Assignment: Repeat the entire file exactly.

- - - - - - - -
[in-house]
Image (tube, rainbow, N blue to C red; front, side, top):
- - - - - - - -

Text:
[in-house]
Image (tube, rainbow, N blue to C red; front, side, top):